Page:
I’ve gone through in some detail about the assistance that was provided, as you say, using interpreters, doctors, nurses, mental health specialists, all of that.
It was very clear at the end of it that the lady didn’t want to go ahead with the procedure and on that basis she was taken back to Nauru.
Now, our starting point is that we don’t want to see anybody sexually assaulted.
This is obviously an allegation of sexual assault that’s taken seriously and we provide advice, or we act on the advice provided to us by the medical specialists.
It’s a very difficult circumstance and I think it’s unfortunate that some of the refugee advocates have seen fit to misrepresent this lady’s case, because I think ultimately, whatever has happened, to try and contemplate that sort of a decision is a deeply personal matter between the patient and the doctor.
The fact that is has played out publicly, we wouldn’t accept that if there was an allegation of somebody being raped here in Australia and I think the fact that people are lying or misrepresenting this lady’s circumstances, frankly for their own publicity means, is a disgrace.
I’m going to do what I think is in the best interests of the individual, but ultimately we’ve got a very strict policy and that’s stopped people from drowning at sea.
We’re not going to allow people off Nauru to settle in Australia and we’ve been very clear about that.
That policy remains in force and Prime Minister Turnbull has made that very clear.
JOURNALIST: See, I think one of the things people find it hard to understand, and I have no idea about the process of bringing the woman from Nauru to Australia, but I mean there would be plenty of women who need medical care in Australia at the moment, Australian citizens, who are on waiting lists for surgery and on waiting lists for a whole group of procedures who can’t afford to get the bus to the hospital.
What’s the cost of bringing the woman to Australia and back to Nauru and back to Australia? I mean when does that stop?
PETER DUTTON: Well I think they’re fair questions and Australians have provided $11 million to build the hospital at the Regional Processing Centre in Nauru.
There is $26 million that we’ve provided to upgrade the hospital in Nauru.
We have a lot of support that we provide to the Nauruan Government because they are running the Regional Processing Centre in Nauru.
It has been a big part of why we’ve been able to stop boats, as well as the turn-back of boats where it’s safe to do so.
People are right to ask what the cost is associated with this, because on Nauru at the moment there are about 325 babies born a year and we provide support for obstetricians and for all sorts of specialists to go into Nauru to provide support, including orthopaedic surgeons.
There is a lot of money that’s spent and I think that people quite underestimate the level of support in terms of the medical care that’s available on Nauru.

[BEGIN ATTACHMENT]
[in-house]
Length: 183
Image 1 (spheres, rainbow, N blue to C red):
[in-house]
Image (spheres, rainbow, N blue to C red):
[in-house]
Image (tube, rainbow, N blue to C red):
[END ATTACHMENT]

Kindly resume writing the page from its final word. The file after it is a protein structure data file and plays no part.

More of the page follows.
Now, if people can’t get the care on Nauru that’s needed they can go to the International Hospital in PNG and the Australian taxpayer pays for that when we’re talking about refugees.
If they can’t get assistance there then they come to Australia.
But part of the difficulty, Ray, frankly is that some of the advocates and the lawyers in Australia have been playing games.
We’ve had 240 people come from Nauru. They step foot onto our soil and the lawyers automatically go straight to the High Court, an injunction is taken out against me as the Minister and I then can’t return those people to Nauru.
This is the game that some of the lawyers are playing.
When you talk about charter flights, you’re talking well over $100,000 each way. There’s a lot of money that’s involved.
But we’re not going to allow the lawyers to dictate the process.
If people need medical assistance, we bring them down, but, as I say, the difficulty is immediately the lawyers take out an injunction and we’re prohibited from sending those people back to Nauru because they think that’s a cute way of getting a permanent migration outcome for the person in Australia.
Well we’re not going to be dictated to by that.
JOURNALIST: Just very quickly. One of the listeners, David, says what do you mean by very serious penalties when fighters return?
I mean surely that’s not something you can determine and we do have in many cases - judiciary, judges, in the Supreme Court, the High Court who are reluctant to do too much.
What penalties are these people facing if they do come back?
PETER DUTTON: Well, a couple of things.
One is they do face a period of jail and, you’re right, that’s determined by the courts and it’s a decision ultimately by the AFP to bring a charge and the Director of Prosecutions in the first instance and then guilt or innocence is decided as normally would be and the jail sentence is imposed.
The second aspect to it is, and this is an announcement made some time ago, but the Government is going to introduce legislation in relation to stripping dual-citizens of their Australian citizenship.
So that is a pretty high price to pay and that will mean for some, hopefully, that they won’t return to our country and that will be a big consequence for people, because if they think they can preach hate from our shores or think that they can try and conjure up support for the terrorist cause on Australian soil the Government is going to do everything we possibly can to keep Australians safe and to stop that activity from happening.
So there are a number of consequences and we’re working with the police and the intel agencies to see what else we can do by way of penalty because this is a very serious threat that will be with us for a generation to come.
JOURNALIST: Ok, thanks for your time.
Have a safe trip back from Malaysia.
PETER DUTTON: Thanks, Ray. Take care.